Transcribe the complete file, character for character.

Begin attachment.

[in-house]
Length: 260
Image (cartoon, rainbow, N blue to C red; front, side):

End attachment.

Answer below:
[in-house]
Length: 260
Image (cartoon, rainbow, N blue to C red; front, side):